Surprising Vanadium Potential at Western Uranium Corp.
We have remarked previously on the impressive resource measurements taken at sites belonging to Western Uranium Corporation (CSE: WUC | OTCQX: WSTRF) (“Western Uranium”), with almost 3-million-pounds of uranium and a staggering 17.5-million-pounds of vanadium waiting in-ground at their “Sunday Mine Complex” project alone, yet it’s beginning to look as if the company’s US vanadium stash may be of one of the highest grades ever seen, and just in time for the metal’s projected heyday.
CEO George Glasier boasts both of the highest grade uranium deposits in the United States, but technical reports on the Sunday Mine reveal that the resource features measured and indicated vanadium mineralisation of 1.49%. For perspective, the current record holder for vanadium grading reports 1.24% down in Brazil, and the majority of producers rarely manage to scrape past 1%.
On that note, almost all of the world’s vanadium is currently mined in China, South Africa, Russia and Brazil, but Western Uranium owns projects located exclusively in the US of A, meaning that we might just have a new key player on the horizon. The current US administration have consistently promised to focus on regulation that could resuscitate the American mining industry, and I’m expecting that Western Uranium’s management are rubbing their hands together in anticipation.
Past operators have generated abundant geologic and mining data for the Sunday Mine Complex over a significant drilling and production history; from the 1800’s, the mine has historically been active when uranium and vanadium prices reached highs, and recent trends suggest we are entering one such period that may be significantly longer in duration than those in the past.
Vanadium is currently experiencing two-year-highs, since, over the last few years, many major operations have faced closure as a result of the dip in iron-ore prices, and the uptake of the metal has increased substantively as countries such as China make better use of steel rebar (which features vanadium due to its excellent alloying properties). Although currently there is a slight surplus in the supply of vanadium relative to market demand, this is being rapidly eroded, and some even report that a deficit has already materialised; either way, a 3-percent CAGR increase in demand for the period 2015-2025 is confidently expected.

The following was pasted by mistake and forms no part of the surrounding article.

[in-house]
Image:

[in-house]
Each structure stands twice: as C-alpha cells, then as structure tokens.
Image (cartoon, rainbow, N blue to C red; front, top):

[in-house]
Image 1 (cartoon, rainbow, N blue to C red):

Previously, vanadium has always been co-produced alongside other materials, but the projected shortfall has paved the way for pure-play producers of vanadium to enter into the market ahead of rising value. Furthermore, the black swan of the vanadium space is looking ever-more certain as vanadium redox flow batteries gain further coverage and popularity due to their increased suitability to industrial applications over their lithium ion counterparts. Once this technology is perfected, Western Uranium should have no problem sourcing vanadium-hungry energy-storage companies as long-term, high-volume customers.
Perhaps most importantly, the company’s ablation technology takes the financial sting out of hard rock mining; traditionally the most expensive extraction method, Western Uranium have shown that they are able to effectively blast the rocky material away from both uranium and vanadium particles at a considerably lower cost than other conventional milling methods.
Interested readers can refer to our previous pieces on Western Uranium for further details on uranium potential and technological advantages, but here we have a surprising emergence into the vanadium space that could very well give the company the advantage it needs to become an all-round major player since both resources on which the company is focused are entering long-term recovery periods. I have been reporting on vanadium as the next big thing for the past year or so, and we are beginning to see the market trends to back me up. However, until now, I never expected a uranium company to take the space by storm.